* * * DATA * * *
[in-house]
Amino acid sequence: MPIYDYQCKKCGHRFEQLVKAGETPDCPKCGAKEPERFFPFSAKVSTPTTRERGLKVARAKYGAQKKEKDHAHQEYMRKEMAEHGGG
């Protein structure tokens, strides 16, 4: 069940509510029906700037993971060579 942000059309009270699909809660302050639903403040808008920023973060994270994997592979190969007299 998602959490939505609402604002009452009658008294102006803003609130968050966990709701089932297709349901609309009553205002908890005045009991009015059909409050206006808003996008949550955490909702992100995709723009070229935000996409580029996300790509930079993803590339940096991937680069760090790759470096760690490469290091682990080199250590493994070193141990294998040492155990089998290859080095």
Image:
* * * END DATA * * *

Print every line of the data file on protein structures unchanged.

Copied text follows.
[in-house]
Amino acid sequence: MPIYDYQCKKCGHRFEQLVKAGETPDCPKCGAKEPERFFPFSAKVSTPTTRERGLKVARAKYGAQKKEKDHAHQEYMRKEMAEHGGG
């Protein structure tokens, strides 16, 4: 069940509510029906700037993971060579 942000059309009270699909809660302050639903403040808008920023973060994270994997592979190969007299 998602959490939505609402604002009452009658008294102006803003609130968050966990709701089932297709349901609309009553205002908890005045009991009015059909409050206006808003996008949550955490909702992100995709723009070229935000996409580029996300790509930079993803590339940096991937680069760090790759470096760690490469290091682990080199250590493994070193141990294998040492155990089998290859080095």
Image: